Dean M. Chriss
Boulder House, Holly Ruins, Hovenweep National Monument
(Click image to enlarge)
Hovenweep is a Ute Indian word meaning "deserted valley". The towers of Hovenweep were built by ancestral Puebloans who occupied the Four Corners area from about A.D. 500 to A.D. 1300. Similarities in architecture as well as masonry and pottery styles indicate that the inhabitants of Hovenweep were closely associated with groups living at Mesa Verde and other nearby sites. The scale and craftsmanship apparent in the free-standing towers is truly amazing. The inhabitants of these canyons were excellent farmers who made use of persistent springs and dams to impound the water. It is thought that depletion of the scarce supply of wood that was used for fuel, and perhaps crop failure due to a prolonged drought, forced these people from the canyons and into areas further south.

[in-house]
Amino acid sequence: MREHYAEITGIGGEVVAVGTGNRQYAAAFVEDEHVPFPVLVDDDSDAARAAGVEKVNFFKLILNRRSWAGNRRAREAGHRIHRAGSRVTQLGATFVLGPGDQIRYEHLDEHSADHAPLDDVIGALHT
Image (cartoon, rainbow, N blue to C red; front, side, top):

The ancient ruins and rock art present here and in other areas is irreplaceable, priceless, and fragile. The act of entering a ruin can deteriorate it more than would a hundred of years of sitting undisturbed. Touching rock art, even lightly and only once, causes eventual staining from oils that are present in human skin. It can also cause flaking of the ancient paint. Small things have huge impacts over time that spans thousands of years. If you are fortunate enough to visit one of these places, please be extremely careful to leave it exactly as you found it.